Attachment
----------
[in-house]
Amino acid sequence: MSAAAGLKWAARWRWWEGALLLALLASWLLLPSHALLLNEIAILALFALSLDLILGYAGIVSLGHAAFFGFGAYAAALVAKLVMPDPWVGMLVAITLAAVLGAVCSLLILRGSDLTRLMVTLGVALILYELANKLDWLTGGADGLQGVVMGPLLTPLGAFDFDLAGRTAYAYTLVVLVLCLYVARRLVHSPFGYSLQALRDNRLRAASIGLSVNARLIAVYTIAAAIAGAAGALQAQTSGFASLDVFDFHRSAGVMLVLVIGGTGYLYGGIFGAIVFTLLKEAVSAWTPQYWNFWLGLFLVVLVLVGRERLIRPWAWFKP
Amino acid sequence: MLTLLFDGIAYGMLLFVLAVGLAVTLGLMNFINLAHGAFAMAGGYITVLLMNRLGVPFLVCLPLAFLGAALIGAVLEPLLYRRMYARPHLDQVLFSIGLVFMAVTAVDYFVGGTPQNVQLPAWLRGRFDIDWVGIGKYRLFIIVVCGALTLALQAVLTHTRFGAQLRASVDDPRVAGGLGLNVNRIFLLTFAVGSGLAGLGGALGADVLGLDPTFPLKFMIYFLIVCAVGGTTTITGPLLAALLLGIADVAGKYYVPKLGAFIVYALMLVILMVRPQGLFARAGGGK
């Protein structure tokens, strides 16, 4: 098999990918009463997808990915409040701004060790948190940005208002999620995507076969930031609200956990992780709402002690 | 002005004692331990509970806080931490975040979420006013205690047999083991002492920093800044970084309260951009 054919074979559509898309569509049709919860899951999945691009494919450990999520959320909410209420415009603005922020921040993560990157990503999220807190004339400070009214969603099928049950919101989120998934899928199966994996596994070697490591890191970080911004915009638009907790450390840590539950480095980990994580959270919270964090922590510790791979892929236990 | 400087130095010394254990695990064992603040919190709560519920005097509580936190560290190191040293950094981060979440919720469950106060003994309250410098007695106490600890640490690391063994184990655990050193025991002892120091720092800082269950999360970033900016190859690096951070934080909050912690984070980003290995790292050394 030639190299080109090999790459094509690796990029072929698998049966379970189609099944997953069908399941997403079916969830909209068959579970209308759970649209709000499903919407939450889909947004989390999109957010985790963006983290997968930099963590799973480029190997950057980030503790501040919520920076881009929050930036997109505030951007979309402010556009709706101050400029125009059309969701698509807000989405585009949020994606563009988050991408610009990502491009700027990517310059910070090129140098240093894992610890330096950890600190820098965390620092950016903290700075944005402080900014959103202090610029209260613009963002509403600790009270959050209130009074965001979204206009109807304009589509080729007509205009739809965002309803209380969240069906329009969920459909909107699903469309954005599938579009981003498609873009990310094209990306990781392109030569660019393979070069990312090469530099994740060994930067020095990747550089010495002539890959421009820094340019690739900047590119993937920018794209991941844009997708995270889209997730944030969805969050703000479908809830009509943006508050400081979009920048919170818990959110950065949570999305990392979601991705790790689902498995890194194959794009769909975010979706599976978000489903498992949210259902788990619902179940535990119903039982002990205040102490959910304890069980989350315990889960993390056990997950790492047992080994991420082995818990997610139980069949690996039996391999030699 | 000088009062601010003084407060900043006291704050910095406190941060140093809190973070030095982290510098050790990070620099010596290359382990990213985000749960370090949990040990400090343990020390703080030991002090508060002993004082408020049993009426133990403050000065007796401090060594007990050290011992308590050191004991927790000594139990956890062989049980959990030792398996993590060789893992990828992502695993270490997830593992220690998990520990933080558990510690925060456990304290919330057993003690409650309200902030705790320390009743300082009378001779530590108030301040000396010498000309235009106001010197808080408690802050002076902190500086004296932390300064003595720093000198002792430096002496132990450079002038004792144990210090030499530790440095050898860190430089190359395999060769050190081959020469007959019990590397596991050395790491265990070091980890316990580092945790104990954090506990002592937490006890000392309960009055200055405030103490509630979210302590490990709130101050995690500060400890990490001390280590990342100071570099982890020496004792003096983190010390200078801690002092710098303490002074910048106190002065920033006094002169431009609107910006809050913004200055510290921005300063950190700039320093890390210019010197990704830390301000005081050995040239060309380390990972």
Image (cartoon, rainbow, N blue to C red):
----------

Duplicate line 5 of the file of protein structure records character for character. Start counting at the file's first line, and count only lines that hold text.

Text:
Image (cartoon, rainbow, N blue to C red):